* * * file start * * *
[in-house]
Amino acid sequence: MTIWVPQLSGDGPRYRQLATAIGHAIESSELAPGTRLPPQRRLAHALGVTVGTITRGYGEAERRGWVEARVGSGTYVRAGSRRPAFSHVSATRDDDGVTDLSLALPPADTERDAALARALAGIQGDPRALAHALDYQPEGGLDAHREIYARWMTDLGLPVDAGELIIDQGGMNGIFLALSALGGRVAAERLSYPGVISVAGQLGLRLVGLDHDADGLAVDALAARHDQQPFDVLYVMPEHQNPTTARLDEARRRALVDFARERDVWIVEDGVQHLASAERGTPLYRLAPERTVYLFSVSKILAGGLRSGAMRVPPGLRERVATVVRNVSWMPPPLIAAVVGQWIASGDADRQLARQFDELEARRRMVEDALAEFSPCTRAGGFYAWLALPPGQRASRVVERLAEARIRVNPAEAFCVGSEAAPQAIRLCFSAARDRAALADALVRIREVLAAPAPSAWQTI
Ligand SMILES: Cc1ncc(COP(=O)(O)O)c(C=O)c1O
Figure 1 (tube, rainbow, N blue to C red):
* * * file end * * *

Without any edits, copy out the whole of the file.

[in-house]
Amino acid sequence: MTIWVPQLSGDGPRYRQLATAIGHAIESSELAPGTRLPPQRRLAHALGVTVGTITRGYGEAERRGWVEARVGSGTYVRAGSRRPAFSHVSATRDDDGVTDLSLALPPADTERDAALARALAGIQGDPRALAHALDYQPEGGLDAHREIYARWMTDLGLPVDAGELIIDQGGMNGIFLALSALGGRVAAERLSYPGVISVAGQLGLRLVGLDHDADGLAVDALAARHDQQPFDVLYVMPEHQNPTTARLDEARRRALVDFARERDVWIVEDGVQHLASAERGTPLYRLAPERTVYLFSVSKILAGGLRSGAMRVPPGLRERVATVVRNVSWMPPPLIAAVVGQWIASGDADRQLARQFDELEARRRMVEDALAEFSPCTRAGGFYAWLALPPGQRASRVVERLAEARIRVNPAEAFCVGSEAAPQAIRLCFSAARDRAALADALVRIREVLAAPAPSAWQTI
Ligand SMILES: Cc1ncc(COP(=O)(O)O)c(C=O)c1O
Figure 1 (tube, rainbow, N blue to C red):